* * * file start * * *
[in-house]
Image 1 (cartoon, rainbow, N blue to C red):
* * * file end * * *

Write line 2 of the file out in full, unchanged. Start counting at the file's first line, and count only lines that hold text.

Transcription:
Image 1 (cartoon, rainbow, N blue to C red):